Over the past decade, global concern about human trafficking has prompted massive investment into anti-trafficking interventions by intergovernmental organizations, states and civil society. While early interventions took place in a performance evaluation vacuum, there have been growing calls for greater transparency and accountability within the anti-trafficking sector, including through rigorous impact evaluation. Such calls are fully justified. The human rights imperatives that underpin anti- trafficking work and the significant investment of public resources demand that interventions demonstrate accountability, results and beneficial impact. However, in practice this is more complicated and there has been relatively little analysis of the practical issues and challenges that arise in efforts to evaluate anti-trafficking work. In the specialized area of criminal justice responses to trafficking, such analysis is virtually non-existent, despite the increasing attention and resources that are being directed to this aspect of the anti-trafficking response. Impact and effectiveness evaluation in the context of international development is both complicated and contested. Multiple theories and elaborate methodologies abound, and these can present a daunting impediment to those seeking practical guidance on the essential problem of determining “what works”. This paper seeks to cut through some of the complexities by focusing attention on several areas that are directly implicated in measuring anti-trafficking interventions in the criminal justice sector. It is the result of a comprehensive review of relevant literature and recent evaluation reports as well as interviews with key players in the field.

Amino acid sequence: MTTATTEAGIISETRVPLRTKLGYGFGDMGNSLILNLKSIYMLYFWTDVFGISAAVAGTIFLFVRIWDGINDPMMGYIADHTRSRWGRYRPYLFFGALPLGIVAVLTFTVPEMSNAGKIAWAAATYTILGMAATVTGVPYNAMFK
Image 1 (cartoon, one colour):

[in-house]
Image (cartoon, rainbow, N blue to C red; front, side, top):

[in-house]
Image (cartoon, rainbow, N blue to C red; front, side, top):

On 21- 23 March 2011, UNIAP, IOM and NEXUS Institute came together to host a three-day interactive consultation to take stock of the state of counter-trafficking research. The event developed from the increased focus within the anti-trafficking research community on improved and empirically based anti-trafficking strategies and programs. The event also provided a platform for sharing, scrutinizing, and discussing methods and findings of key anti-human trafficking research by bringing together a group of experienced researchers, practitioners, and donors working on anti-trafficking within the Asia region and beyond. The event was divided into two sessions: the first included internal exchanges and discussions among anti-trafficking researchers, while the second involved dialogue between researchers, practitioners and donors. While donors and practitioners were supportive of anti-trafficking research and researchers in principle, all three groups differed in their ideas of research priorities, and answers to questions such as: ten years on, why do we all still lament a dearth of anti-trafficking research? After discussing differing perceptions of what is required to conduct rigorous anti-trafficking research, donors, practitioners, and researchers began discussing areas of consensus on gaps and priorities for anti-trafficking research. In general, all agreed on the importance of ensuring linkages between research and real-world priorities and programs. Specific research priorities, gaps, and needs to be addressed in the future are presented in this report.